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Sunday July 14, 2024

Imran’s demand for snap elections has no takers

By Tariq Butt
November 13, 2017

ISLAMABAD: Pakistan Tehreek-e-Insaf (PTI) Chairman Imran Khan’s demand for snap elections has not impressed even a single major or small political party. Even after finding no taker in the political field, he persists with his call as he always does, believing that it will ultimately find some supporters.

Irrespective of its strength in the national and provincial assemblies, every parliamentary force has vehemently rejected the call because everyone wants to have full term of the directly elected legislatures. None has exhibited even a slight inclination to face the electoral test prematurely and lose more than half a year of its parliamentary tenure. The Pakistan People’s Party (PPP), which rules Sindh, is not prepared to dissolve the provincial assembly before its stipulated time to accede to the PTI’s demand.

Similarly, the Pakistan Muslim League-Nawaz (PML-N), National Party and Pukhtoonkhwa Milli Awami Party, which are in government in Balochistan, are unwilling to wrap up the provincial assembly prematurely.

As per its policy, the PML-N, which controls the Punjab assembly and rules the province, is determined to let the legislatures complete their constitutionally mandated five-year tenure. The PML-N and its allies, which run the federal government, hold the same view. The Jamaat-e-Islami, which is a coalition partner of the PTI in Khyber Pukhtunkhwa (KP), is as opposed to early elections as other parties are. Despite being its ally in the provincial government, it has never stood with the PTI in its protest campaign.

The Awami National Party (ANP), which has a small say in the KP and national assemblies, is also against snap elections and has demanded that the legislatures should be allowed to live their full life.

Even KP Chief Minister Pervez Khattak of the PTI is as strongly opposed to immediate elections as others are. Had he ever backed his party in such demands, he and his members of the KP assembly would have resigned when the PTI’s federal and Punjab legislators had quit back in 2014. He always wanted complete term of his government.  In this environment when everyone is speaking against early polls, the PTI demand is just a cry in the wilderness. Unless there is a universal consensus among major parties and they build enough pressure on the government, this call may not be given any importance.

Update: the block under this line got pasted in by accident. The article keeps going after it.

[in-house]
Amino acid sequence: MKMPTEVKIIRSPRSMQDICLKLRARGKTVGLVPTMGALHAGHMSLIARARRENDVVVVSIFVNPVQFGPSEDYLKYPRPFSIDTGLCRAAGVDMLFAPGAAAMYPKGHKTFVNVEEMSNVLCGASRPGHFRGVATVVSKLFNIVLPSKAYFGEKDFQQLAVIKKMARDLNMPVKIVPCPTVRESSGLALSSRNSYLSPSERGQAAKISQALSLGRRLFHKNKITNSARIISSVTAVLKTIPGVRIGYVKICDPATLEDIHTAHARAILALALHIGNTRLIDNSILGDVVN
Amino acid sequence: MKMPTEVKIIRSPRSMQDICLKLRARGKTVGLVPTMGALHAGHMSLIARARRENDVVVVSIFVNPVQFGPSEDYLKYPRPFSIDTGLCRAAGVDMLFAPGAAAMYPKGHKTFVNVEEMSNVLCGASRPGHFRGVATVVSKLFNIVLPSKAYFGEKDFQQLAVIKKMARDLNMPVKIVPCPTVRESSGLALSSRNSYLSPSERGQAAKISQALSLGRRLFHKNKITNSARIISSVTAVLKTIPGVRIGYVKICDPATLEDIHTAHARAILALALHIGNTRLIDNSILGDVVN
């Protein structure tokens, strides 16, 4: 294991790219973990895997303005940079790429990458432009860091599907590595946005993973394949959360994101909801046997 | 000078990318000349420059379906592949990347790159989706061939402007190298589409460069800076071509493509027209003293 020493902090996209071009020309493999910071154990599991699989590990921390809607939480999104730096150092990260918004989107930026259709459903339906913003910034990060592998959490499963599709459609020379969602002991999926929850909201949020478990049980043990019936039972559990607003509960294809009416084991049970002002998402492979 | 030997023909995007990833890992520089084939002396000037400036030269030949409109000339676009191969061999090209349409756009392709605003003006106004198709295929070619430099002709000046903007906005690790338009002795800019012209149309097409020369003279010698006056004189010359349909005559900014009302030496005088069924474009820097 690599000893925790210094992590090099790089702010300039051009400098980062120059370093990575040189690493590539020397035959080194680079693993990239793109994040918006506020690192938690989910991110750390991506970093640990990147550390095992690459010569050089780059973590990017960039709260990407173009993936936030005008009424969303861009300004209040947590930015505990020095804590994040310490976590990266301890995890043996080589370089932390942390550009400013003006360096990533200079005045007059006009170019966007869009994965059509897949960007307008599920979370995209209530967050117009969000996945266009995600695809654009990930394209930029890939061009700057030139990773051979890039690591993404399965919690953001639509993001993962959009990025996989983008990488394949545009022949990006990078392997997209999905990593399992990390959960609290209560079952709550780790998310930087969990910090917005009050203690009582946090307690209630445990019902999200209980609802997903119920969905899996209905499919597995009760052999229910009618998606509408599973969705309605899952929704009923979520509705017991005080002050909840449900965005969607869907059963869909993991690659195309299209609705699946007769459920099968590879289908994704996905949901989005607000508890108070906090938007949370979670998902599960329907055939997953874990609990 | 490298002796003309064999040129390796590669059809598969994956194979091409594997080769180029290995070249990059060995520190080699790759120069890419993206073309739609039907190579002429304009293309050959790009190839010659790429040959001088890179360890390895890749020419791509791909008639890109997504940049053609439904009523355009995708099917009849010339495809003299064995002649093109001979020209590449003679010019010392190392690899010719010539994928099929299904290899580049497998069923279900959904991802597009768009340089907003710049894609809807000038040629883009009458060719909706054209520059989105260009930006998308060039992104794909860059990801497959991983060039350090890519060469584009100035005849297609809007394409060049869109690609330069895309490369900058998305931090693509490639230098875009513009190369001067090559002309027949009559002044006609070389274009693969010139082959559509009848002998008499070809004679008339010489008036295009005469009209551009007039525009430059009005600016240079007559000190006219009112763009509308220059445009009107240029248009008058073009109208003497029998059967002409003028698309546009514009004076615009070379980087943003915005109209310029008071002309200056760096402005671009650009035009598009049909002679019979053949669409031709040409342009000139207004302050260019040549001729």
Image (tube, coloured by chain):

Reacting to Imran Khan’s opinion, his deputy Shah Mehmood Qureshi had stated a few days ago that the PTI wants the elections on time. However, he too later changed his mind and said that since the government has become dysfunctional, the polls should be held without any delay. Not only Prime Minister Shahid Khaqan Abbasi but several federal ministers and PML-N leaders have ruled out early elections saying that there was no justification for such a demand. They sensed a conspiracy behind this call. A question that often comes to mind because of Imran Khan’s repetition is that when the Election Commission of Pakistan (ECP) has made it known that it will be in a position to hold forthcoming elections on time, meaning in August next, only if it was given the required powers now, how it can organize the polls immediately.To hold the elections as scheduled, Monday’s meeting of the Council of Common Interests, convened by the prime minister and to be attended by all the chief ministers, will be decisive.

However, there are not very bright prospects of a breakthrough because of inflexibility of the Pakistan People’s Party (PPP) to hold the next polls on the basis of the 1998 population census, ignoring the 2017 data that was collected under the army supervision to make it non-controversial and transparent.

The PPP’s abrupt volte face has provoked the PML-N to allege that Asif Zardari, as part of a conspiracy, was working to disrupt the timely polls by refusing to support the constitutional amendment although his party had previously agreed to it when it was tabled in the National Assembly.